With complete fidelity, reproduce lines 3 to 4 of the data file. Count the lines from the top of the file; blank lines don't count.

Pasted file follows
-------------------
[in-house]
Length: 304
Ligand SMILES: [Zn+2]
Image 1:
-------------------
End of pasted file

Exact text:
Ligand SMILES: [Zn+2]
Image 1: